'The Load' ('Teret'): Film Review | Cannes 2018

Load to nowhere.

A truck driver delivers some ominously secret cargo in Serbian director Ognjen Glavonic's dramatic debut.

The heavy burden of recent history hangs over The Load, a title that proves to be as much metaphorical as literal. World premiering at Cannes this week as part of the Directors' Fortnight sidebar, Serbian director Ognjen Glavonic's debut dramatic feature takes place in a bleak Balkan landscape where everything is the color of wet cardboard, from the mottled sky to the doleful hills to the godforsaken people.

An austere suspense thriller about a truck diver transporting a top-secret cargo, this Serbia-France-Croatia-Iran-Qatar co-production invites cosmetic comparison with Henri-Georges Clouzot's fraught classic The Wages of Fear and William Friedkin's semi-remake Sorcerer. But there the parallels end, because Glavonic's mumblecore road movie chugs along in a much lower gear.

Glavonic based this long-gestating passion project on a notorious real incident during the Balkan wars of the 1990s, first explored in his documentary Depth Two, which premiered in Berlin in 2016. But despite sharing the same root, these sister projects became very different films. Depth Two is a forensically detailed examination of a war crime; The Load is a minimalist drama whose dominant mood is low-level despair. Though it is based on a true-life horror story, it feels purposely drained of tension and suspense. After Cannes the pic should find a keen audience among the the misery-porn masochists who program and attend film festivals, but its relentlessly dour tone will make it a very niche commercial prospect, especially for non-Balkan viewers not attuned to local nuances.

The setting is Serbia in 1999, during NATO's airstrike campaign against the Slobodan Milosevic regime. Lugubrious middle-aged truck driver Vlada (rising Croatian star Leon Lucev) arrives at a run-down warehouse in war-torn Kosovo to collect the mysterious load he has been tasked with transporting to the Serbian capital Belgrade. The rules of the job mean sticking to a strict timetable, asking no questions and keeping his secret cargo locked away at all times. Vlada's odyssey becomes a dreary stop-start slog across a purgatorial wasteland of burning cars, flattened houses and recently bombed bridges.

Along the way, Vlada breaks the rules by stopping to make payphone calls to his wife, who is apparently undergoing medical tests, and to offer a lift to teenage hitchhiker Paja (Pavle Cemerikic), an aspiring rock musician fleeing his cursed homeland with hopes of a new life in Germany. When Vlada leaves the truck unattended for mere minutes, a pair of passing delinquents steal a vintage cigarette lighter with sentimental family value, a small incident which will resonate deeply later.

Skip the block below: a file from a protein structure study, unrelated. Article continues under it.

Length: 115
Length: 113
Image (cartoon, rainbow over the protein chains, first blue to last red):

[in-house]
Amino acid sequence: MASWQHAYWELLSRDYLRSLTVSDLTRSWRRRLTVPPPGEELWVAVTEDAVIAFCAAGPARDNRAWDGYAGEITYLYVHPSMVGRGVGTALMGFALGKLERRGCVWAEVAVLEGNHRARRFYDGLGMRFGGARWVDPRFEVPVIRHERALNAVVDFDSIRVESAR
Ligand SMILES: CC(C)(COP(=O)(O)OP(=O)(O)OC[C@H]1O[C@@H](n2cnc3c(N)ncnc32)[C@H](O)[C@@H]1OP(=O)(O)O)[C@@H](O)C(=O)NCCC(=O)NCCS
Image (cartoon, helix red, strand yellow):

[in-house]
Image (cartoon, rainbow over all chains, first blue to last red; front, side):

Glavonic never explicitly reveals the contents of Vlada's truck, but he does drop some very strong hints, and anybody who saw Depth Two will know the gruesome backstory. However, the filmmaker purposely does not make the secret cargo the pic's main dramatic meat, preferring to focus instead on one man's moral degradation as a mirror for an entire nation. His stated intent is to address difficult topics that still remain taboo in Serbia even 20 years later.

The Load ends with Vlada ruminating on past family glories in the fight against the Nazis, a pointed contrast with Serbia's squalid war crimes under Milosevic. Two of the majestic modernist monuments to major WWII battles that pepper the former Yugoslavian landscape even figure tangentially in the plot, thought their significance is under-explained.

Mostly shot in long and wordless takes, many from inside Vlada's truck cabin, The Load is a remorselessly drab visual experience for characters and audience alike. Lucev does his best with a haunted, taciturn antihero, but he has little to work with beyond gruff, bald dialogue. If Glavonic set out to sculpt a film with all the aesthetic appeal of wet cardboard, he succeeded rather too well. This well-intentioned meditation of the banality of evil packs a modest emotional punch, but it might have been more powerful if it had shown us a little less banality and a little more evil.

Production companies: Non-Aligned Films, Cinéma Defacto, Kinorama, Three Gardens Film
Cast: Leon Lucev, Pavle Cemerikic, Tamara Krcunovic, Ivan Lucev, Igor Bencina, Tanja Pjevac, Jovo Maksic, Radoje Cupic, Jovan Toracki, Jelena Maksimovic
Director-screenwriter: Ognjen Glavonic
Producers: Sophie Erbs, Ognjen Glavonic, Stefan Ivancic, Dragana Jovovic
Cinematographer: Tatjana Krstevski
Editor: Jelena Maksimovic
Venue: Cannes Film Festival (Directors' Fortnight)
Sales: New Europe Film Sales

98 minutes